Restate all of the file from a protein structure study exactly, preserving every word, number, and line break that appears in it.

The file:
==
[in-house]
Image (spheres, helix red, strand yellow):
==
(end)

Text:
[in-house]
Image (spheres, helix red, strand yellow):